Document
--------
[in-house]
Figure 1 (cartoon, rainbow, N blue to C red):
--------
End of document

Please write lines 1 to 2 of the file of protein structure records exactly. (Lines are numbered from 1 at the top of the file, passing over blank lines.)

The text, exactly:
[in-house]
Figure 1 (cartoon, rainbow, N blue to C red):